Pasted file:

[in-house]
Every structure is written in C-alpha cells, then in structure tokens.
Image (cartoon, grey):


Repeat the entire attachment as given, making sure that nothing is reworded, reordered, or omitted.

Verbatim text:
[in-house]
Every structure is written in C-alpha cells, then in structure tokens.
Image (cartoon, grey):